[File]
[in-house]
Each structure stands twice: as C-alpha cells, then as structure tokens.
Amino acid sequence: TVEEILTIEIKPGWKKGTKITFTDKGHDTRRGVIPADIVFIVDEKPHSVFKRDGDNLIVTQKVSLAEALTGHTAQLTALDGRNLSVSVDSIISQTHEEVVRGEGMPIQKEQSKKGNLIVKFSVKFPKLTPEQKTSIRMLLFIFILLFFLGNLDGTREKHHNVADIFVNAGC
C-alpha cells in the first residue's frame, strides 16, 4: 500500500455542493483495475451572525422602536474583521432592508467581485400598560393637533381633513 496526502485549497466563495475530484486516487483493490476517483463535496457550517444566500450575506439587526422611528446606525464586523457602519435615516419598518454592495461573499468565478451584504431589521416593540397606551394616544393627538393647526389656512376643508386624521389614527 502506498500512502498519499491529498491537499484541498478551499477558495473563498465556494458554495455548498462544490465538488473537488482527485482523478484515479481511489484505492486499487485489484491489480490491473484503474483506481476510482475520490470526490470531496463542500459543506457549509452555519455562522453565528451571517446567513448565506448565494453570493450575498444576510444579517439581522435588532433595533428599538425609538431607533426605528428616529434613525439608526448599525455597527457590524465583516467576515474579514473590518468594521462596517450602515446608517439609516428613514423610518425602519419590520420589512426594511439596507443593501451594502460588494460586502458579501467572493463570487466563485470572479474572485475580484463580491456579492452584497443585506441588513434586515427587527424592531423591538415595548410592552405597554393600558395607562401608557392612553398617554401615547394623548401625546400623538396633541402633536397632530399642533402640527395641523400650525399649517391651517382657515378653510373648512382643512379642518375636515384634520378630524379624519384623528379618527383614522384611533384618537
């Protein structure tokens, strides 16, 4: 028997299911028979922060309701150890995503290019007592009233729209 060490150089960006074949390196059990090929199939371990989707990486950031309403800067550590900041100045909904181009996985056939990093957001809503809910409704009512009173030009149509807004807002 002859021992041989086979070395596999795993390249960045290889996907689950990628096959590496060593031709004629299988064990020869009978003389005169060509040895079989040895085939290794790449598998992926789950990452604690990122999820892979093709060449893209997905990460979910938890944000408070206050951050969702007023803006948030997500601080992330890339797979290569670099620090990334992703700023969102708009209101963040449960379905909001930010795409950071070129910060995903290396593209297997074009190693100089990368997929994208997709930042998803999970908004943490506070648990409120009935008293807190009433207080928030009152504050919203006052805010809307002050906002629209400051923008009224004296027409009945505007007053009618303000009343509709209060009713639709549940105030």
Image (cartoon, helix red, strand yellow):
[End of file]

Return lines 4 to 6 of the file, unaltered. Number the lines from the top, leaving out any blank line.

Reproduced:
C-alpha cells in the first residue's frame, strides 16, 4: 500500500455542493483495475451572525422602536474583521432592508467581485400598560393637533381633513 496526502485549497466563495475530484486516487483493490476517483463535496457550517444566500450575506439587526422611528446606525464586523457602519435615516419598518454592495461573499468565478451584504431589521416593540397606551394616544393627538393647526389656512376643508386624521389614527 502506498500512502498519499491529498491537499484541498478551499477558495473563498465556494458554495455548498462544490465538488473537488482527485482523478484515479481511489484505492486499487485489484491489480490491473484503474483506481476510482475520490470526490470531496463542500459543506457549509452555519455562522453565528451571517446567513448565506448565494453570493450575498444576510444579517439581522435588532433595533428599538425609538431607533426605528428616529434613525439608526448599525455597527457590524465583516467576515474579514473590518468594521462596517450602515446608517439609516428613514423610518425602519419590520420589512426594511439596507443593501451594502460588494460586502458579501467572493463570487466563485470572479474572485475580484463580491456579492452584497443585506441588513434586515427587527424592531423591538415595548410592552405597554393600558395607562401608557392612553398617554401615547394623548401625546400623538396633541402633536397632530399642533402640527395641523400650525399649517391651517382657515378653510373648512382643512379642518375636515384634520378630524379624519384623528379618527383614522384611533384618537
């Protein structure tokens, strides 16, 4: 028997299911028979922060309701150890995503290019007592009233729209 060490150089960006074949390196059990090929199939371990989707990486950031309403800067550590900041100045909904181009996985056939990093957001809503809910409704009512009173030009149509807004807002 002859021992041989086979070395596999795993390249960045290889996907689950990628096959590496060593031709004629299988064990020869009978003389005169060509040895079989040895085939290794790449598998992926789950990452604690990122999820892979093709060449893209997905990460979910938890944000408070206050951050969702007023803006948030997500601080992330890339797979290569670099620090990334992703700023969102708009209101963040449960379905909001930010795409950071070129910060995903290396593209297997074009190693100089990368997929994208997709930042998803999970908004943490506070648990409120009935008293807190009433207080928030009152504050919203006052805010809307002050906002629209400051923008009224004296027409009945505007007053009618303000009343509709209060009713639709549940105030």
Image (cartoon, helix red, strand yellow):